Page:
Mack Brown Talks Athletics Past, Future

Texas coach Mack Brown has seen quite a bit in his time as a college football coach. And that makes him as good as anybody to gauge the future of the sport.

Friday, Brown talked about how college football has changed in the past, and what to expect from the future.

I think the biggest change in the last 10 or 20 [years] would be the Internet changed a lot," Brown said. "I think it's helped protect against cheating because people have to be more careful now because kids are talking more and there's the danger that the kids aren't telling the truth all the time when they're talking. So there's stuff not out there that's not really accurate, more rumors. But we also have access to things that can counteract that if it's not true and stop it."

Brown said another big change was the boom in coaching salaries.

"I don't know that that ever goes back [to the way it was]," Brown said. "But coaches' salaries now … in 1975 I was the receiver coach, recruiting coordinator at Southern Miss, [and] made $13,500. When I left North Carolina 14 years ago I made $275,000. So things are just ... they're so different in 10 to 15 years."

Brown said he thought the NCAA was going to start taking a look at simplifying some of the complex rules that didn't make sense. And he said that people needed to keep a handle on 7-on-7 and all-star games, which could bring some of the basketball AAU elements into football.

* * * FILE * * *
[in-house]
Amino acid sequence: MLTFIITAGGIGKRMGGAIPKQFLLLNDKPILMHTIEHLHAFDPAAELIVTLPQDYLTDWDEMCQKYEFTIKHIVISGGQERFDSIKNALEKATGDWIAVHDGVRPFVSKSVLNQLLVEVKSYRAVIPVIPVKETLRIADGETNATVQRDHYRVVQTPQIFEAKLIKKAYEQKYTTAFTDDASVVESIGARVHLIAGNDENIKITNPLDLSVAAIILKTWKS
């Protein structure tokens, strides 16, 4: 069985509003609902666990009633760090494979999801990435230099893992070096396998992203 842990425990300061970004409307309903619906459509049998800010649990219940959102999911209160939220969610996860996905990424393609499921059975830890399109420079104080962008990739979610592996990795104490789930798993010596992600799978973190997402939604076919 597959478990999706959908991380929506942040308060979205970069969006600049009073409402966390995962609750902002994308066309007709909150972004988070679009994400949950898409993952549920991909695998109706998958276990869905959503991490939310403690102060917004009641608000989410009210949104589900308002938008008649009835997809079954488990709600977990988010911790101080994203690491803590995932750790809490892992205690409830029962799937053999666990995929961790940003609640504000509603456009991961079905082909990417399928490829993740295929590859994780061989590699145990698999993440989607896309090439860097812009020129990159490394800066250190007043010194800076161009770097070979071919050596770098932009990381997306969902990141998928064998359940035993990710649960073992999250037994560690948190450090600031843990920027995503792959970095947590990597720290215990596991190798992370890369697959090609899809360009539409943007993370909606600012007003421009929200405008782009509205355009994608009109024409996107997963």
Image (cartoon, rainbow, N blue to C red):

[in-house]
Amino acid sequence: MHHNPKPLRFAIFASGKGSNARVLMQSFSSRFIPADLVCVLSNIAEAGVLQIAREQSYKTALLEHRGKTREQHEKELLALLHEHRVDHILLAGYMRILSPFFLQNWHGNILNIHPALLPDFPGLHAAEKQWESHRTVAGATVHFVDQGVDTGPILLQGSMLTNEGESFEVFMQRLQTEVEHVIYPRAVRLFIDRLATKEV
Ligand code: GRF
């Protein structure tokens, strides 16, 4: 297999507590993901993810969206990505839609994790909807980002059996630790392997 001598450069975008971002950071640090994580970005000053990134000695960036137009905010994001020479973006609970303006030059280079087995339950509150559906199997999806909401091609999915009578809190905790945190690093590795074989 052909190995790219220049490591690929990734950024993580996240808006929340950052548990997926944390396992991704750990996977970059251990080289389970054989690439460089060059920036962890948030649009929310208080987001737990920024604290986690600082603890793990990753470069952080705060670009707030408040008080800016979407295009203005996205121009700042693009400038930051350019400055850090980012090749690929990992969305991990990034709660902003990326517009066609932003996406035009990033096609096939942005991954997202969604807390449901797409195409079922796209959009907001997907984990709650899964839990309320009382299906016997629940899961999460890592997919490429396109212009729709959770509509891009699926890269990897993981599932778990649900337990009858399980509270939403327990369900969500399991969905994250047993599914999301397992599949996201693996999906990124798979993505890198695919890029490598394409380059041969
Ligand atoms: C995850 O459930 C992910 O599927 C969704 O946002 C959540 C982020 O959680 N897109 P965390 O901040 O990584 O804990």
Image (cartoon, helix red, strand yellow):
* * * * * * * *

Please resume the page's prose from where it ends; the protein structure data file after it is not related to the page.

"In my estimation, I don't see that changing," Brown said. "I see everybody still having to produce money. I do see coaches being fired faster. I see assistant coaches being fired faster, because if they're not filling the stands you gotta have money. So it's going to be tougher for the athletic directors to keep the money up with what we're paying the ladies now, too."

Brown cited the example of former Kansas coach Turner Gill, fired after two seasons at the helm, as an example of the accelerating timetable.

Yet, even with college athletics becoming big(ger) business, Brown said he couldn't see athletics being privatized.

"We've had it 100 something years; I think in 100 something years we'll still have it," Brown said. "It's too important to people. You think about the influence the Final Four is going to have on Saturday night and Monday. I mean, it's huge. Women's sports, the Final Four in the women's, it's going to have a huge turnout. It's going to be packed and everybody's watching.

"And now they know the women's coaches' names and players by first names and that wouldn't have happened 10 years ago," Brown said. "So I think that college sports is at a better place publicly than it's been."

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